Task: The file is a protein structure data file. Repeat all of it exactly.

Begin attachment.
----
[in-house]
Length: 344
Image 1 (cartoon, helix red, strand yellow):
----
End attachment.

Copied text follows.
[in-house]
Length: 344
Image 1 (cartoon, helix red, strand yellow):